By Ken Hunt
The World Turned Upside Down is a seventy-two-track
anthology of what Leon Rosselson endearingly calls “Rosselsongs.” Four
CDs, organized into The Sixties, The Seventies, The Eighties and The
Nineties to 2010, and a booklet are packed into one of those CD-sized
This collection is not, of course, the complete Rosselson. There is nothing of him from his session guitarist years accompanying Stan Kelly, Zimra Ornatt and their kind, when he, Steve Benbow and John Hasted were The Few.
The World Turned Upside Down is a one-stop concentration of material from one of the pioneers and finest exponents of English-language chanson-strength song creation.
Leon Rosselson applied the jump leads that got the stalled engine of socially engaged, literate song racing. And then got it purring and spitting.
The selection rounds up his best known songs like “Stand Up For Jesus,” “The World Turned Upside Down,” “Ballad Of A Spycatcher,” and “Battle Hymn Of The New Socialist Republic” alongside slipped-through-the-interstices observational and/or satirical songs like “Whoever Invented The Fishfinger,” “The Man Who Puffs The Big Cigar,” “Bringing The News From Nowhere” and his mocking “Talking Democracy Blues.”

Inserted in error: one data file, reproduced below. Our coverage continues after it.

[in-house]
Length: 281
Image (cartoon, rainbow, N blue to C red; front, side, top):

Listen to “It’s Just The Song,” “The Ghost Of George Brassens,” and “The Power Of Song” for insights, manifestoes or confessions about what got his creative juices flowing. That last song, a rousing evocation of the big-voiced excitement of bygone and present-day socialist choirs, brings us back to one of his early inspirations. All with Rosselsong annotations to contextualise the near-perfection of this extraordinary set.